Dangers of steroids real
William C. Kashatus
June 17, 2013
On July 15, 2003, Taylor Hooton, a 6′ 1″, 205-pound pitcher at Plano West High School north of Dallas fashioned a noose of leather belts and hung himself from his bedroom door. When the room was inspected by the police, vials of steroids, along with syringes and needles, were found. An autopsy by the county medical examiner confirmed the presence of metabolized anabolic steroids in the pitcher’s system.
After the suicide, one of Taylor’s teammates confirmed that he’d begun his steroid use in order to “get bigger” and “to improve his performance on the mound.” Instead, Taylor, a gifted, popular student with a bright future, spiraled into a serious depression. The results proved fatal.
Hooton’s example is extreme. But the use of appearance- and performance-enhancing drugs by teens is even more troubling than the use of PEDs by elite athletes in professional baseball, football and track and field. What’s worse, adolescent steroid use is growing.
The Taylor Hooton Foundation, a non-profit organization underwritten by Major League Baseball, was established by the late pitcher’s family to honor his memory. The foundation is hosting an outreach program at Minute Maid Park on Wednesday to educate students, parents and coaches about the signs and dangers of steroid use.
Adolescents use steroids for the very same reasons the pros do. PEDs build muscle mass, augment quickness and improve recovery time from injury. These assets give the athlete a competitive edge in terms of power, speed and endurance. Interestingly, the fastest-growing group of steroid users is female non-athletes intent on improving their physical appearance.
At the same time, PEDs taken in mega-doses have been linked to tendon and ligament tears, kidney and liver damage, impotence, heart disease and cancer.
Unlike pro athletes, teenagers are more susceptible to the physiological and psychological effects of steroids because of the natural hormonal imbalance. The effects include irritability, rage, depression and suicidal tendencies. The psychiatric symptoms associated with steroid withdrawal persist for a year or more after the abuser stops using.
While elite athletes know the side effects of steroid use and can afford to pay the exorbitant cost for the unadulterated product, teens are clueless and purchase less expensive substances that may be contaminated and, hence, even more dangerous. But they are still willing to take the risk in order to improve their athletic performance and self-confidence and attract the opposite sex.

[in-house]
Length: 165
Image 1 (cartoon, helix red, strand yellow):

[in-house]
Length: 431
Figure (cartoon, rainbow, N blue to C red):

There is a desperate need for greater awareness of the dangers and symptoms of steroid use among adults. Unfortunately, most parents cannot distinguish between those symptoms and the extreme mood swings, severe acne and physical maturation associated with adolescence. Nor does testing for hallucinogenic drugs expose steroid use, making it more difficult for concerned parents to seek help.
Sadly, there are some parents – and coaches – who purposely choose to look the other way. They’ve been deluded by the “win-at-all costs” attitude that has worked its way down from the pros to amateur sports. It’s an attitude embraced by PED-using role models like Lance Armstrong and Barry Bonds; by parents who push their kids in the hope of obtaining a college athletic scholarship; and by coaches who encourage their players to get bigger in order to build a championship program.
Regardless of one’s position, there is no denying the fact that steroids are illegal. Their sale and use without a physician’s prescription is a felony. Scientists, doctors and lawmakers long ago decided that steroids are so dangerous that they must be subject to medical and legal control. None of this, however, has stopped adolescents from abusing the drug.
It’s time for parents, coaches and the professional athletes who, whether they like it or not, are role models for our kids, to take greater responsibility on this issue. If we fail, we have nobody to blame but ourselves.